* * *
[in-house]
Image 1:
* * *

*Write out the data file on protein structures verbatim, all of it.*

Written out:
[in-house]
Image 1: